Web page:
A few days ago I received my copy of 40 Years of Queen, a coffee-table book that chronicles the British band’s history from its inception (from the ashes of Smile) until its final recordings with the late Freddie Mercury, who was arguably one of the most flamboyant front men in the history of rock and roll. The book includes detailed biographies of each member, details about each of their albums, their most important tours and individual gigs (whole sections are dedicated to Rock In Rio and the original Live Aid concert), their history with movie soundtracks and the band’s evolution from their college days to the very end as they struggled to make music as Freddie grew sicker and sicker from AIDS.
For the die-hard Queen fan, the best thing about the book are all the memorabilia that was included with the book – there are facsimiles of concert tickets, press releases from different eras, autographed posters and even handwritten lyrics of some of their tunes. The one thing I missed would be the inclusion of the infamous insert from 1978’s Jazz Album that featured a bevy of naked girls on bikes – a very ‘clear’ picture of Freddie’s “Bicycle Race,” one of the hits from that album.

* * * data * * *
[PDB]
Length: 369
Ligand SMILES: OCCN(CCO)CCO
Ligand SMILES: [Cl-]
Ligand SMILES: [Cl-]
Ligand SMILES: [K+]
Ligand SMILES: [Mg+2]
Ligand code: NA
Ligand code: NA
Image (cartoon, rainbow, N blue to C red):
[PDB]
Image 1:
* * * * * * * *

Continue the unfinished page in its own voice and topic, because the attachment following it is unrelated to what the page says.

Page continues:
I remember purchasing that record in Brazil. I must have been in my teens, and of course as a horny young man I loved staring at that display of naked female flesh before me. As the story goes, the poster was never included on the album’s US release (instead, fans had to order it by mail after purchasing it). The poster was lost over my many moves, and it is now just a memory of days gone by.
The one thing that did not impress me at all was the written part.
The text was written by veteran music journalist Harry Doherty, who is a longtime friend of the band members (and one of the few journalists who actually traveled with the band during their tours). Though he had full freedom on what he wrote – or at least that is what Brian May leads us to believe on his foreword, Doherty doesn’t give us any new information on the band. It seems that he wrote with the need of Queen’s surviving members’ approval in his mind.
As I read, I expected deep insights about their chemistry in the studio as they worked out arrangement for songs or at least a deeper insight on how their personal lives were affected by their fame. Heck, I got more with an unauthorized booklet I bought years ago than this one. So there are many questions I’ve always had about the band that remain unanswered even after going through the entire tome.
That does not, however, make me less of a Queen fan. In fact, as I read it I reached out to my collection and reminded myself of songs I hadn’t listened to in a while – stuff like Brian May’s “39,” Mercury’s “In Only Seven Days” or even later material like “Life Is Real” or “Gimmie The Prize.”
In spite of the weak writing, I do recommend it for new and old fans – even if it is a way to go down memory lane.